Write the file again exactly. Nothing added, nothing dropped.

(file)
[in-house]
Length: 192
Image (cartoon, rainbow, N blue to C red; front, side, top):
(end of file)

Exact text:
[in-house]
Length: 192
Image (cartoon, rainbow, N blue to C red; front, side, top):